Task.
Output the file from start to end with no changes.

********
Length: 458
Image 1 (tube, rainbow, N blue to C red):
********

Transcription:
Length: 458
Image 1 (tube, rainbow, N blue to C red):